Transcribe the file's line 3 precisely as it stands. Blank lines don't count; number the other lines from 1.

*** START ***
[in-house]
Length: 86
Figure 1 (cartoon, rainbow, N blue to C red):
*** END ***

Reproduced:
Figure 1 (cartoon, rainbow, N blue to C red):